“If you are able to, delay purchasing an annuity, as the value of the income will be based on the value of your pension pot at the date of purchase,” says Ms Bailey. “You should also review the option of having a phased annuity, which you can take over time rather than locking in a rate today. This will help when markets pick back up, as we expect them to once the pandemic has receded.”

Tougher decisions face those who need an income, either now or very soon, but lack the cash reserve that would enable them to avoid dipping into their investments. If the 'natural' yield generated by your portfolio in the form of dividend and fixed-income payments does not meet your needs, as is often the case, you may be forced to sell something.

For those in such a situation, it makes sense to take profits on those holdings that have performed well, as much as this is possible. This would mean, for example, selling some holdings such as defensive bond and gold funds to finance your lifestyle for the time being. It would also make sense to check if your spending can be lowered on a temporary basis, to reduce the strain on your portfolio.

If you do have to sell down your more defensive holdings to such an extent that your overall asset allocation is skewed, this could mean that your portfolio is more exposed to gyrations in the equity market than you might wish. However, it may be possible to adjust this without crystallising a loss by rebalancing once equities have recovered.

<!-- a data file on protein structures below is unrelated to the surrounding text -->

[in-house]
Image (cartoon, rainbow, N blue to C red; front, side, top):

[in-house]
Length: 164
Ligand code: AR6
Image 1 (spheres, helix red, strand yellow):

Thinking ahead

Difficult markets can present buying opportunities for investors with a good time horizon and some money to allocate to beaten-up assets. Although growth assets may appeal, also consider income-producing investments. Because yields move inversely to prices, riskier bonds, dividend-paying stocks and the funds that invest in these might look attractive. At the same time, you may wish to explore alternatives such as property, infrastructure and absolute return funds, either to provide income or as a way of extending your portfolio diversification.

While this is a valid consideration, it is worth noting that some of the traditional diversifiers – government bonds and gold – have broadly held up, even though they have wobbled at points when investors have looked for easy ways to raise cash quickly. As such, the traditional approach of allocating some of your portfolio to equities and some to bonds, depending on your risk appetite, has fared relatively well.

Also pay attention to assets' fundamentals. With many industries struggling amid the coronavirus crisis, earnings and dividend payments from companies are far from assured. Other markets, such as property, are also in turmoil.

You should also fully understand what you invest in. And when it comes to asset allocation decisions, you should be especially careful that you understand what role a new holding will play in your portfolio in both good and bad markets.

“You have to invest in something you understand,” says Mr Kemp. “If it looks too good to be true it always is."

He adds that a mistake some investors make when considering alternative assets is to buy them on the basis of past performance while not understanding how they work, and just assuming that they will continue to make good returns.

Also remember that if require an income it doesn’t have to come from income payments from your holdings. If a portfolio is producing strong capital returns, you could generate income by selling down holdings, and if they are held within a tax-efficient wrapper such as a Sipp, the sale will not incur any capital gains tax.